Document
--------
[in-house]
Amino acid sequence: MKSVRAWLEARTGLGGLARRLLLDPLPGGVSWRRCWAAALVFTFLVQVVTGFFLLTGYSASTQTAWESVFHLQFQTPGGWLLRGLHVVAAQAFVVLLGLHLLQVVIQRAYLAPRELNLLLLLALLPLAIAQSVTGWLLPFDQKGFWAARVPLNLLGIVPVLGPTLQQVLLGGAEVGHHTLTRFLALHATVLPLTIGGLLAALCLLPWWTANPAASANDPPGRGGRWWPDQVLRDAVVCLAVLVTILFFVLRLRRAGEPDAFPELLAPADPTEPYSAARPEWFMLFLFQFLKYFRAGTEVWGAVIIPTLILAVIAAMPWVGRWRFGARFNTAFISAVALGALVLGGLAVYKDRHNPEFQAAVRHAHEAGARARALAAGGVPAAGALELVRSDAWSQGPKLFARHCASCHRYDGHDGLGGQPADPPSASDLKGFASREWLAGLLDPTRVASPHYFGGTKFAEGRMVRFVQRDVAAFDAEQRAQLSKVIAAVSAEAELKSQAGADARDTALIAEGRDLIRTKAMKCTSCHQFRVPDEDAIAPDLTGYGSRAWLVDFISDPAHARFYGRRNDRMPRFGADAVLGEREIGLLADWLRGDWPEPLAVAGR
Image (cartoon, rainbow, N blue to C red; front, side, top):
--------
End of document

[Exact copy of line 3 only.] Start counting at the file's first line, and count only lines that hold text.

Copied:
Image (cartoon, rainbow, N blue to C red; front, side, top):